Liberals and Democrats have been near-unanimous in ridiculing the central claim of a lawsuit that could cripple the Affordable Care Act in much of the country, dismissing it as an opportunistic attempt to bring down the law over a drafting error.
The challengers backing the lawsuit say that the law doesn't allow the government to offer subsidies to those shopping for health insurance in federally run state marketplaces -- also known as exchanges -- which would make health insurance prohibitively expensive for millions of Americans.
The challengers got a boost Thursday evening when a video surfaced showing Massachusetts Institute of Technology professor Jonathan Gruber, an adviser to the Obama administration during the drafting of the health care law, saying in 2012 that subsidies weren't available on federal exchanges.
Two federal courts came to opposite conclusions this week on whether the health care law authorized a rule from the Internal Revenue Service that allowed subsidies to be available in the federally run exchanges. The law states that the subsidies are available in "an exchange established by the state," a formulation its challengers say bars subsidies in federal exchanges. The law's supporters say, viewed in context, the federally run state exchanges should include subsidies. Since the law's passage, at least 36 states, mostly run by Republicans, have refused to set up state exchanges.
One theory put forth by the challengers is that the feds wanted to pressure states to set up exchanges by denying them subsidies if they didn't -- an interpretation that would conveniently allow opponents of the law to undermine it.
Gruber's remarks, seen in a video discovered by a commenter on the conservative legal blog Volokh Conspiracy named Rich Weinstein, were publicized by the Competitive Enterprise Institute, a conservative group backing the lawsuits. Here's an excerpt, which begins about 30 minutes in.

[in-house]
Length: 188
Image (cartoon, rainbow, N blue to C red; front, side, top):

What’s important to remember politically about this is if you're a state and you don’t set up an exchange, that means your citizens don't get their tax credits— but your citizens still pay the taxes that support this bill. So you’re essentially saying [to] your citizens you’re going to pay all the taxes to help all the other states in the country. I hope that that's a blatant enough political reality that states will get their act together and realize there are billions of dollars at stake here in setting up these exchanges. But, you know, once again the politics can get ugly around this.
Although Gruber's remarks were made long after the passage of the law, the comments are a real problem for the Affordable Care Act's supporters, because one of the key arguments against the lawsuits is that no one who worked on the law envisioned denying subsidies to those in federally run-exchanges.
Virtually all of the law's supporters, from the lawmakers who voted for it it to the president who signed it, say that the subsidies were always meant to be available to federally run exchanges. Democrats and liberals hoped to undercut the challenge to the law by framing it as a partisan effort to destroy the Affordable Care Act. Gruber himself previously said that the challengers were offering a "nutty," "screwy," and "stupid" reading of the law.
"It's important to remember that he's just one person. If you think what he said is some evidence about what Congress meant, you should also care about what others who were involved in the drafting process say," said Nicholas Bagley, a professor at the University of Michigan Law School. "And the view from those who were working on the Hill is well-nigh unanimous: Congress didn't mean to use the availability of tax credits as a threat to get states to establish their own exchanges."